Christmas comes but once a year, but it seems that afterward it can be a veritable eternity watching discarded Christmas trees decomp by the curbs upon which their irresponsible discard-‘tards dump them.

Short of dedicating the waste management resources to pick up directly after this legion of post-holiday idiots, the city of Los Angeles goes to some pretty decent lengths setting up accessible recylcing depots wherein the few the proud the conscientious of us can bear our arbors to be ground into mulch.

Last year around this time I made a sweep of several of my neighborhood’s blocks and ended up hauling five (including ours) to the drop-off station in the Los Angeles Zoo’s parking lot. This year I wasn’t feeling so motivated and just loaded up ours and two others in front of the apartment building down the street that had been there for over a week.

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Had my mountain bike not been in the truck’s bed I would have had room for another that I passed on Silver Lake Boulevard north of Sunset, but oh well… three’s company. Four would’ve been an unstable crowd.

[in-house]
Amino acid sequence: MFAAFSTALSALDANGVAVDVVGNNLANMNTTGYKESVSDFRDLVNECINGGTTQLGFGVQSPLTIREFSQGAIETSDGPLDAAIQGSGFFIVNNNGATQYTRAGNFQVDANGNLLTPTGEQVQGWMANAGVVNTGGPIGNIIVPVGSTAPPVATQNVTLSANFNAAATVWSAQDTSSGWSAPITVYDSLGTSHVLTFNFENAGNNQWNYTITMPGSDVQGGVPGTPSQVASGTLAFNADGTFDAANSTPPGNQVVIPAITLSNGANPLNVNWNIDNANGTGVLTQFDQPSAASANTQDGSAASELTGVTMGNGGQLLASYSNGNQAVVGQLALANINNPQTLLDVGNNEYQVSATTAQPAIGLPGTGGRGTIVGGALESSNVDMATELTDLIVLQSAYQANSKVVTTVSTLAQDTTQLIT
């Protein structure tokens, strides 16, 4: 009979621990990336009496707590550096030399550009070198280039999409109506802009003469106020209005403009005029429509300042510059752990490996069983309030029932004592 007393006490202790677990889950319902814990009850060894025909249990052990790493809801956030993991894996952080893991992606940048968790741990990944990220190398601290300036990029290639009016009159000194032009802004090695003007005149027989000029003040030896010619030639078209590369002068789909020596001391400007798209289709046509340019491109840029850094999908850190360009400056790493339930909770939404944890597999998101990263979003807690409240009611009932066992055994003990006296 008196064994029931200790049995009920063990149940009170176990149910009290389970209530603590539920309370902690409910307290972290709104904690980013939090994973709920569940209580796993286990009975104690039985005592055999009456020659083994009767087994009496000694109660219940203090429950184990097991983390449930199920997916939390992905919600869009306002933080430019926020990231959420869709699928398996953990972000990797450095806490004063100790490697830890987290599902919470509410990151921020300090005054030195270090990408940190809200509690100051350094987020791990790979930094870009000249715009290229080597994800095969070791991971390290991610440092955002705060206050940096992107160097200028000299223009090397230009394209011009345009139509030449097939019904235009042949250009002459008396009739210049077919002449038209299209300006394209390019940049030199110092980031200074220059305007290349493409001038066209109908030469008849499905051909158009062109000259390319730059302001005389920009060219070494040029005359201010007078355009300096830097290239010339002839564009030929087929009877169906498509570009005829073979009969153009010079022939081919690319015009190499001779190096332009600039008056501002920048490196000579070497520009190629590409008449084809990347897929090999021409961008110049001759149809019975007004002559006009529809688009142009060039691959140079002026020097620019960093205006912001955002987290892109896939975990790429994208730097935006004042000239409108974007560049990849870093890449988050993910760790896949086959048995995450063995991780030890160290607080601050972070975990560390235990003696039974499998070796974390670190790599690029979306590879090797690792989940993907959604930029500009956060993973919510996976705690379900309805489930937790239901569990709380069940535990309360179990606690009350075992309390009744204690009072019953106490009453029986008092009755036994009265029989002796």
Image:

Upon arrival my collection was offloaded by city sanitation workers onhand and I was awarded my free goodies, which consisted of my choice of an Afghan pine or Carolina cherry sapling (I chose the latter), a coupon for a free 20-pound bag of organic mulch and an energy-saver light bulb (easily a $5 value). One of the workers asked me for stats purposes how I heard about the program and I told him I’ve been doing it every year I’ve had a tree going back to my late-1990s Encino days, he then noted that I arrived with three trees instead of the usual one, and I told him that this is the second year that I’ve taken it upon myself to pick up the slack let out by a couple of my stupid don’t-give-a-crap neighbors.

He nodded, obviously familiar with that aggravating subspecies of urban human. Then he told me to help myself to another sapling and an extra light bulb and he slid me some more mulch coupons, too:

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Score!

I’m gonna pot both little trees later this afternoon, and with a little green-thumb luck the Afghan pine, which can grow up to six feet a year, might be tall enough to debut as our living Christmas tree next year.